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Treating The Suspensory Injury: What You Need To Know

Treating The Suspensory Injury: What You Need To Know

A suspensory injury. It’s three simple words when strewn together by a veterinarian can feel like a death sentence to any competitive rider.

For 23-year-old Katherine Lambert, she could tell her off-track Thoroughbred, McFly, was a “little off” one day while riding on the flat back in 2014. At the time, the pair were competing at the Preliminary level in eventing.

“He had some positive flexion in his right hind, and the vet came the next day to ultrasound his fetlock,” said Katherine, who now is now attending dental school in Portland, Maine. “It was then that he saw a ‘disruption’ of the medial suspensory branch. The sesamoid bone was also disrupted, where the suspensory branch connected.”

While an injured suspensory ligament is rarely a fatal injury, it often comes with a lengthy recovery period of stall rest and limited under saddle work.

There are a variety of ways to treat a suspensory injury. But it’s important to understand the ligament and how to works to truly comprehend how to treat and prevent damage to it.

So what is it?

The suspensory ligament, which attaches at the back and the upper cannon bone in both the fore front and hind limbs, supports and protects the fetlock from hyper-extension. It’s a long ligament, which runs close to the back of the cannon bone before splitting in two, where it connects to one of the sesamoid bones at the back of the fetlock.

While the suspensory ligament is strong, it’s not overly elastic. Too much stress can cause it to over-stretch, and ultimately damage it. Horses generally injure the suspensory ligament when landing after a jump or while traveling at high speeds. Usually injury occurs over a period of time and strain, and is not necessarily limited to one incident.

Damage can range from slight tears in the fibers of the ligament to an actual hole in it, which can be diagnosed via ultrasound. In extreme cases, horses can rupture the ligament.

Diagnosis can be tricky

Because there isn’t necessarily “heat” in the leg at the source of a tear or strain in soft tissue, diagnosing a suspensory injury can be difficult. Lameness in the affected limb can be subtle, but will get worse over time if not treated. Generally, the horse will become weaker, especially in that leg. In a rare case of a ruptured ligament, the fetlock will “sink” lower to the ground. Flexion tests, nerve blocks, radiography and ultimately ultrasound can be used to diagnose the injury.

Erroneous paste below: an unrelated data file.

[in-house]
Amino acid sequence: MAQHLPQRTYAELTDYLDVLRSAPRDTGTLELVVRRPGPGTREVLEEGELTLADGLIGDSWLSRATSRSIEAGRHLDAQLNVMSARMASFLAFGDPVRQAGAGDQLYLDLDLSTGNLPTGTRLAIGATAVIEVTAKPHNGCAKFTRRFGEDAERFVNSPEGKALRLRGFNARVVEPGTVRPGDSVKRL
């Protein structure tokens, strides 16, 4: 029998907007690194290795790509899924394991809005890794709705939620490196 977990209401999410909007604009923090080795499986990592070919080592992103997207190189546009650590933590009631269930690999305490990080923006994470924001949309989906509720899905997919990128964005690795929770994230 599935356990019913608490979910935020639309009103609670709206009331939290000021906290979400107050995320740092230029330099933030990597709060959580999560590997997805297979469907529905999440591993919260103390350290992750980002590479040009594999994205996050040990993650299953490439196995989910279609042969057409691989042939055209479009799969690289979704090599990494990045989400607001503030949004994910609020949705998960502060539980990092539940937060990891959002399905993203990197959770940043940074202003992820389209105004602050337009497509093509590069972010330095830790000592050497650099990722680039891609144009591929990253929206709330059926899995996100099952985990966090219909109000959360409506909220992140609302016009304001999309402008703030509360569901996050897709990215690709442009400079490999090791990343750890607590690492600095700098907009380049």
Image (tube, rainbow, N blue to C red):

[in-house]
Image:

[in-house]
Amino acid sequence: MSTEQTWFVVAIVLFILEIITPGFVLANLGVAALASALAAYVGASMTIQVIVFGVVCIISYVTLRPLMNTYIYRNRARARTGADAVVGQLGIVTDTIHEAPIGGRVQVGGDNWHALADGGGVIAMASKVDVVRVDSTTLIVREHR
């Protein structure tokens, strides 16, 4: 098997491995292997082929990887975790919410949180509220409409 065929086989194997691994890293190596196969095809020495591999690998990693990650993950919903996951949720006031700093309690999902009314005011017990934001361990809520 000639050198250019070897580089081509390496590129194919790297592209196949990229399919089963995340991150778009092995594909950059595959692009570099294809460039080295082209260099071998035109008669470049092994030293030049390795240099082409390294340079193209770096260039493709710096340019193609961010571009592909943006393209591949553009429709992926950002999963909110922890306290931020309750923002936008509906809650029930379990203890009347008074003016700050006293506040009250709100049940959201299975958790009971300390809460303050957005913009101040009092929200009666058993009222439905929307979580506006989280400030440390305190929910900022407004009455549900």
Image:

Treating the suspensory injury begins with time off to let the ligament begin to recover. In difficult cases, surgery may be required to remove blood clots. Veterinarians may prefer different methods of treatment. But the goal is the same: to cool the inflamed tissue, give it time for repair and to get stronger.

How to treat

Cold therapy: There are many ways to ice a horse’s legs, but Ice Horse makes a pair of boots specifically meant for suspensory injuries. The boots cover the leg from the hock to the hoof, and use cooling packets instead of raw ice, which makes less of a mess in the stall or wash rack. Keeping the injured leg and ligament cool, with ice or poultice or another treatment, begins the process of recovery. Coating the leg in cool clay, like poultice is useful, too.

See Also

Shockwave therapy: Some horse owners might opt for therapies like shockwave therapy, where devices send concentrated sound energy waves and apply it to the injured area. Shockwave is known to increase cell activity, which can help with circulation and tissue repair.

Other modalities: There are a variety of new therapies on the market that could be useful in rehabilitating a horse with a suspensory injury. Stem cell therapy is one of the most popular options among medical professionals. Red laser and PEMF (pulsed electromagnetic field therapy), microcurrent technology and vibration therapy have been used to aid in soft tissue injuries as well.

The horse is generally confined to a stall or a small paddock for a rest period, which could last for a few months or up to a year, depending on the severity of the injury. Vets can monitor recovery through ultrasound scans every few months. Turnout and under saddle time should be introduced gradually and in safe measures to avoid re-injury.

It took Katherine’s horse more than a year to recover from the injury, and they faced a hiccup or two along the way. He recieved shockwave therapy, but Katherine thinks that just time to rest was what helped him recover. McFly is now back eventing at Training level.

“I truly believe he is a spectacular little horse with a good heart,” she said.

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